We identify three thermodynamically sensitive quantities of potential significance to tropical cyclones: 1) the general incidence of moist convection, 2) a nondimensional measure of midtropospheric humidity, and 3) the potential intensity, which depends on both the enthalpy jump between the atmosphere and ocean and the temperature difference between the ocean and the tropopause.

One metric of moist convection is the cloud-base updraft mass flux averaged over an ensemble of convective clouds. According to the boundary layer quasi-equilibrium hypothesis of Raymond (1995), the convective and large-scale downdrafts into the subcloud layer must, on average, balance surface enthalpy fluxes in order that there are no large tendencies of entropy in the subcloud layer. Assuming that both convective downdrafts and large-scale subsidence into the subcloud layer both transport a value of moist static energy characteristic of the middle troposphere, Emanuel (1995) showed that the updraft mass flux is given by

 
formula

where is the large-scale vertical velocity at a characteristic altitude in the middle troposphere, is a scaling factor such that represents the large-scale vertical velocity at the top of the boundary layer, is the nondimensional surface exchange coefficient for enthalpy at a reference altitude in the surface layer, is the wind speed at that reference altitude, is the saturation moist static energy of the sea surface, and is the boundary layer moist static energy. The derivation of (1) assumes that there is no horizontal advection of moist static energy in the boundary layer and neglects radiative cooling integrated through the depth of the boundary layer. In the free troposphere there must be, on average, a balance between radiative cooling and the warming due to subsidence between clouds. This balance may be expressed as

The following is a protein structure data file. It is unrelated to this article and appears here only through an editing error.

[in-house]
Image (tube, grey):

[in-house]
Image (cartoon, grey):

formula

where is the net convective downdraft mass flux (defined positive downward), is the radiative cooling rate, and is the static stability, defined as

 
formula

where is the heat capacity at constant pressure and and are the dry and moist adiabatic lapse rates, respectively. If we assume that the downdraft mass flux depends on the updraft mass flux according to , where is the precipitation efficiency (Emanuel 1995), then using this and eliminating between (1) and (2) yields

 
formula

In writing (3) we have also assumed that convective regions are nearly neutrally stable to moist convection so that , where is the saturation moist static energy of the troposphere that, owing to convective neutrality, is nearly constant with altitude and, owing to horizontal temperature gradients being very weak in the tropical troposphere, is nearly constant in the horizontal as well. We have also neglected horizontal entropy advection in the boundary layer and in the free troposphere.

It is apparent from (3) that convection depends on many environmental factors, including the saturation deficit of the middle troposphere (denominator of the first term in brackets), radiative cooling, precipitation efficiency, near-surface wind speed, and the saturation moist static energy of the sea surface relative to that of the troposphere. This last factor is also important in the expression for potential intensity of tropical cyclones (e.g., Bister and Emanuel 1998):

 
formula

where is the drag coefficient, and we have once again equated the boundary layer moist static energy with the saturation moist static energy of the free troposphere.1 In (4) is the sea surface temperature and To is the “outflow temperature,” which is approximately the temperature near the ambient tropopause (Emanuel and Rotunno 2011). The direct dependence of potential intensity on sea surface temperature in (4) is weak; a 0.5°C increase would yield an increase of potential intensity of about 0.2 m s−1. Most of the dependence enters through the factor , which also appears in the expression for the convective mass flux, (3). This may be thought of as dependent on the temperature of the ocean surface relative to that of the free troposphere.